September 2005
Volume 5, Issue 8
Free
Vision Sciences Society Annual Meeting Abstract  |   September 2005
The role of spatial phase in the detection of position-defined and orientation-defined linear and circular contour deformation
Author Affiliations
  • Yi-Zhong Wang
    Retina Foundation of the Southwest, Dallas, TX, and Dept. of Ophthalmology, UT Southwestern Medical Center, Dallas, TX
  • Joost Felius
    Retina Foundation of the Southwest, Dallas, TX, and Dept. of Ophthalmology, UT Southwestern Medical Center, Dallas, TX
Journal of Vision September 2005, Vol.5, 210. doi:10.1167/5.8.210
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      Yi-Zhong Wang, Joost Felius; The role of spatial phase in the detection of position-defined and orientation-defined linear and circular contour deformation. Journal of Vision 2005;5(8):210. doi: 10.1167/5.8.210.

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      © ARVO (1962-2015); The Authors (2016-present)

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Abstract

Purpose: Previous studies on the role of spatial phase in perceptual grouping may be complicated by the co-varying of various local features. Here we investigated effects of phase coherence on the detection of contour deformation defined by the changes of local position or orientation features. Methods: Stimuli were linear and circular contours composed of Gabor patches with carrier frequency of 3 cpd. Contour deformation was introduced by sinusoidally modulating a vertical line or the radius of a circle. Position-defined deformation (P-Pattern) was created by placing patches at peaks and troughs of the modulation, so that changing modulation only changed their positions but not orientations. Orientation-defined deformation (O-Pattern) was created by placing patches at zero-crossings. Circular contours had 1.5 deg mean radius and 4 cycles of modulation; Compatible stimulus parameters were used for linear contours. Deformation thresholds were measured for 3 carrier phase manipulations: in-phase, phase reversal of alternating patches, and random phase. Results: Subjects showed higher sensitivity for detecting O-Patterns than P-Patterns. The mean thresholds of 3 normal subjects were 0.45±0.07% and 0.62±0.29%, respectively, for detecting in-phase linear and circular O-Patterns, and 0.77±0.36(SD)% and 0.97±0.54%, respectively, for detecting in-phase linear and circular P-Patterns. Phase reversal significantly elevated the threshold for detecting linear P-Patterns by 40% (p < 0.02). Randomizing the phase further disrupted the detection of linear P-Patterns, with threshold increased by 60% (p < 0.011). In comparison, thresholds for detecting both linear and circular O-Patterns were not affected by either phase reversal or random phase. Conclusion: While local spatial phase change may affect the grouping of local position features, orientation linking can occur between cells with different phase sensitivities and may take place at a more global level of processing.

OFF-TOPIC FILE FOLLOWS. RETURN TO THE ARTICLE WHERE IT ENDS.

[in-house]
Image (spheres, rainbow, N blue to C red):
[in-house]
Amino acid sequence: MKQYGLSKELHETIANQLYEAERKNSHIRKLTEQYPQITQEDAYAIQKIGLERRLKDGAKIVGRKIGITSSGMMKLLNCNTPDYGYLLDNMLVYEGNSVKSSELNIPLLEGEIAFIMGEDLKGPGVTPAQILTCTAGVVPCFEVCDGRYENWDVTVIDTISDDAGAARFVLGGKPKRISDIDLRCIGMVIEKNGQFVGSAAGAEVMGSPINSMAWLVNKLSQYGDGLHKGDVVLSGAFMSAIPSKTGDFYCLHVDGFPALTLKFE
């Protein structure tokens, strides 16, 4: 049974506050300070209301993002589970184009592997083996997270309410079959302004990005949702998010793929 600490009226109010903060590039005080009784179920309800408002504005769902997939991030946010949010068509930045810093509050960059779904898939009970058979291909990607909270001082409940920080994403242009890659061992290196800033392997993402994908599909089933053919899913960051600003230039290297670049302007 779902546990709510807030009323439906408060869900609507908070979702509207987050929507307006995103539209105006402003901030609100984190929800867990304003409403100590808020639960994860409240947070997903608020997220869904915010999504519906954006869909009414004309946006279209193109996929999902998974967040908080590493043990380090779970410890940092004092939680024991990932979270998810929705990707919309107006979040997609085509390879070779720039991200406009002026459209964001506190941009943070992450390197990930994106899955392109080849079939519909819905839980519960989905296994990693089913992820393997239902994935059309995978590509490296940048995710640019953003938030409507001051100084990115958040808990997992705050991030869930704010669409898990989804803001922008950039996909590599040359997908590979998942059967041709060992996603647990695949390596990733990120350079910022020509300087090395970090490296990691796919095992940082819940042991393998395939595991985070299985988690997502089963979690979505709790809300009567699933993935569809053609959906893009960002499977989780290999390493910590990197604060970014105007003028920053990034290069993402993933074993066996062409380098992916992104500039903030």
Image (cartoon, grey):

Wang, Y.-Z. Felius, J. (2005). The role of spatial phase in the detection of position-defined and orientation-defined linear and circular contour deformation [Abstract]. Journal of Vision, 5(8):210, 210a, http://journalofvision.org/5/8/210/, doi:10.1167/5.8.210. [CrossRef]
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